Blog

How to Tread Water in 3 Simple Steps

How to Tread Water in 3 Simple Steps

How to Tread Water in 3 Simple Steps

Treading can come easy to some kids and adults, but to others it is an arduous task. Scientifically speaking, learning to tread water may come less easily for students with higher bone or muscle density, and less fatty tissues. However, despite any physical disadvantages, there are ways for everyone to tread successfully while minimizing physical exertion!

Learning how to tread is an incredibly important skill for swimmers. Sometimes, the ability to tread can mean the difference between life and death. While learning different types of strokes are useful for emergency situations in which you need to reach a point and exit the water, treading is useful for emergency situations where there may be no plausible exit, or if you’re required to stay in the water while waiting for assistance.

Swim strokes get you from point A to B, whereas treading is the most efficient method for staying in place, and saving your strength - next to back floats that is! So how does one tread water? Let’s explain it in three easy steps!

How to Teach a Child to Tread Water (or Adult):


STEP 1: KICK

Contrary to popular belief, the best kick for treading water is not the freestyle, aka “flutter” kick. Instead try having your child do what is popularly known among instructors as, the egg-beater kick. The egg-beater kick is named after what it looks like, an egg-beater. It’s commonly used for treading among those with experience because it’s proven to be more efficient and less exertive than other kicks. So here’s how to do it!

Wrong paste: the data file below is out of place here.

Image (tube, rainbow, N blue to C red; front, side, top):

Have your child begin in water that is deep enough to tread in. This means water deep enough where your child cannot touch the bottom of the pool, or is only able to do so while standing on their tip toes. It helps to do this near a pool edge, where your child can always grab onto something in reach in case they need to. Have your child bend their knees up towards their chest at a 90 degree angle, like they’re sitting in a chair. Their back should be straight. From this position, have your child rotate their left foot, from the knee on down, in a clockwise circular movement. Have them then rotate their right foot, from the knee on down, in a counter-clockwise circular movement. The feet and legs should never meet - when one foot is centered, underneath the body, the other foot should be on the outside part of its circular rotation, roughly in line with the child’s shoulder or even slightly outside their frame. The movement should originate from the knee, meaning your child’s knees on up should be stationary and not moving.

water treading technique - egg-beater

I find it helps to show students what an actual egg-beater looks like in slow motion. If you have an egg-beater, pull it out and let them visually observe how each wisk rotates in their own clockwise and counter-clockwise directions, and how the two work together with one rotating inwards with the other rotating outwards simultaneously. There are also tons of egg-beater kick Youtube videos at your disposal to help your little ones who may understand this better with a visual aid. Once your child is performing the egg-beater kick as it should properly be done, proceed to Step 2!


STEP 2: SCULL